Publication: Mongolia : Raising Female Participation in the Large Scale Mining Sector

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Khan, Tehmina
As Mongolia has begun to develop its abundant mineral resources over the past decade, the share of mining in gross domestic product (GDP) has more than tripled to around 20 percent currently. The sector has also contributed up to a third of total government receipts in recent years and more than 80 percent of exports in 2010. Evidence suggests that women tend to miss out on the potential benefits associated with a booming mining sector. In addition, large scale mines typically tend to be the dominant employers in remote locations. The policy note starts by gauging potential growth and employment effects associated with the expansion of the mining sector on other sectors, using a computable general equilibrium model specially calibrated for the Mongolian economy. It then considers experience and lessons from other countries that are trying to integrate and ensure the participation of women in large-scale mining and the practical policy recommendations to do so. The key findings are that there is a high degree of occupational segmentation in the mining sector, with women mostly located in service support roles, although this is by no means unique to Mongolia. However in Mongolia's case, this segmentation also likely reflects Mongolian labor regulations that existed until 2008 and which limited women s participation in the sector. Evidence from around the world indicates that gender equal laws are a necessary and crucial first step towards guaranteeing gender equality and equity, but by themselves are not sufficient. Companies may also consider revising recruitment or hiring strategies with the objective of raising the share of female employment across all professional categories in the mining sector.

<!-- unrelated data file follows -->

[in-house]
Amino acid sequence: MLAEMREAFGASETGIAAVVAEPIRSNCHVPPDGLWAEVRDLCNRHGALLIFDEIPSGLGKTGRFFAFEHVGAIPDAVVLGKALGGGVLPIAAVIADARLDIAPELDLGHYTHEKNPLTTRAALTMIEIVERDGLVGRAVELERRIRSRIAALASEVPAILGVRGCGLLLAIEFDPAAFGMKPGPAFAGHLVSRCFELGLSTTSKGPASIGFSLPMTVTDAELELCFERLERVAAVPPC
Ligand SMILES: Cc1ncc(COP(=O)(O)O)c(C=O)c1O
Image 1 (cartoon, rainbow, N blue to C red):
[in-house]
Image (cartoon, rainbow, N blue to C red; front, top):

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Khan, Tehmina. 2013. Mongolia : Raising Female Participation in the Large Scale Mining Sector. © World Bank, Washington, DC. License: CC BY-NC-ND 3.0 IGO.
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